Biology » Ecology and the Biosphere » The Scope of Ecology

Levels of Ecological Study

Ecology is the study of the interactions of living organisms with their environment. One core goal of ecology is to understand the distribution and abundance of living things in the physical environment. Attainment of this goal requires the integration of scientific disciplines inside and outside of biology, such as biochemistry, physiology, evolution, biodiversity, molecular biology, geology, and climatology. Some ecological research also applies aspects of chemistry and physics, and it frequently uses mathematical models.


Climate change can alter where organisms live, which can sometimes directly affect human health. Watch the PBS video “Feeling the Effects of Climate Change” in which researchers discover a pathogenic organism living far outside of its normal range.

Levels of Ecological Study

When a discipline such as biology is studied, it is often helpful to subdivide it into smaller, related areas. For instance, cell biologists interested in cell signaling need to understand the chemistry of the signal molecules (which are usually proteins) as well as the result of cell signaling. Ecologists interested in the factors that influence the survival of an endangered species might use mathematical models to predict how current conservation efforts affect endangered organisms.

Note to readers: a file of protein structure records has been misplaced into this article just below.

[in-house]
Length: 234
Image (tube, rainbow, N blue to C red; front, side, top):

To produce a sound set of management options, a conservation biologist needs to collect accurate data, including current population size, factors affecting reproduction (like physiology and behavior), habitat requirements (such as plants and soils), and potential human influences on the endangered population and its habitat (which might be derived through studies in sociology and urban ecology). Within the discipline of ecology, researchers work at four specific levels, sometimes discretely and sometimes with overlap: organism, population, community, and ecosystem (see the figure below).

A flow chart of three boxes shows the hierarchy of living organisms. The top box is labeled “Organisms, populations, and communities” and has a photograph of tall trees in a forest. The second box is labeled “ecosystems” and has a photograph of a body of water, behind which is a stand of tall grasses developing into more dense vegetation and trees as distance from the water increases. The third box is labeled “the biosphere” and shows a drawing of planet Earth.

Ecologists study within several biological levels of organization. (credit “organisms”: modification of work by “Crystl”/Flickr; credit “ecosystems”: modification of work by Tom Carlisle, US Fish and Wildlife Service Headquarters; credit “biosphere”: NASA)

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